They join almost 8,000 other Baltimore-area summer swimmers in leagues that include the Central Maryland League, which has 42 teams in Anne Arundel, Howard, Carroll and Baltimore counties and the city; the Freestate Swim League with eight teams in Baltimore County; and the Harford Swim League with 12 teams in Harford County.

"Summer swimming is definitely on the rise," says Todd Proa, national swim chair of the Amateur Athletic Union of the U.S., which includes many summer swimmers as members. "It gives the child who is not the elite swimmer or recruited swimmer the opportunity to compete."

Achieving 'personal best'

And having fun is what team swimming is all about. "We like to see them win," said Sandy Caslin of Carney, president of the Freestate league. "But we like to see them achieve their personal best."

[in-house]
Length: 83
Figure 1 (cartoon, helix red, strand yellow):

That was clear at this month's Woodcroft meet, where children from ages 4 to 18 of all ability levels took to the water with their freestyle, breast and back strokes. Parents of the little ones watched anxiously as the children valiantly struggled to cross the pool, some hanging onto the buoyant lane dividers midway through.

But Abigail Lee, 6, of Campus Cabana -- slipping through the water in her royal-blue team suit -- didn't pause. "She feels so good about herself," said her mother, Sharon Lee of Towson, as Abby finished the heat.

Building self-esteem is a big part of the reason parents devote so much time to the summer program. For their efforts, children receive "I Made It" ribbons as well as more competitive first- , second- and third-place honors at each meet.